Donna Freitas, author of The Happiness Effect, interviewed students across 13 college campuses about all things social media—its uses, its value, and its effects.
In an interview with the Christian Science Monitor's Marjorie Kehe, Freitas shares what she learned about how social media damages young people's mental health.
Although students enjoy the networking, communication, and planning opportunities on social media platforms, Freitas says her interviewees expressed consistent frustration with the fact that so much of social media has to do with appearing happy.
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"College students have imbibed the notion that they must 'put on a happy face'—in the words of one interviewee—at all times online," Freitas told Kehe.
The pressure to look happy, Freitas says, extends beyond the realm of simply impressing peers. Young adults want employers, admissions officers, and other "people that hold power over their professional success/failure" to see them happy on social media.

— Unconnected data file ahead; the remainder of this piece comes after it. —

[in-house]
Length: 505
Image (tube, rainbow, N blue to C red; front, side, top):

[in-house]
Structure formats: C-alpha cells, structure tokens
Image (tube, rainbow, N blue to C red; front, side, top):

This means that a lot of what gets posted online seems "fake" to students.
"This is maddening to so many young adults," Frietas says, because social media "often contradicts what they know of their friends/significant others in real life."
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And although social media is a well-documented source of stress, it can be particularly damaging to young adults, says Frietas. They are more vulnerable to the pressures of social media because they're still working to establish themselves socially and professionally.
Though Freitas admits she does not have the perfect solution for this social media "happiness effect," she does recommend a vital first step: talking about it honestly.
"We need to have more conversations about social media with the young people in our lives—and by conversations I do not mean more rules and criteria for posts," argues Freitas. She says her interviewees were "craving" conversations how social media is changing society and relationships (Kehe, Christian Science Monitor, 1/26).
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